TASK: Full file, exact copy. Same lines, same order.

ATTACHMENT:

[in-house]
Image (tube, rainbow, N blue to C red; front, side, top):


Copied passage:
[in-house]
Image (tube, rainbow, N blue to C red; front, side, top):